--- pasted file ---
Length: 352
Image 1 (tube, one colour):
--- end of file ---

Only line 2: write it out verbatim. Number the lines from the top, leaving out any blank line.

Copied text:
Image 1 (tube, one colour):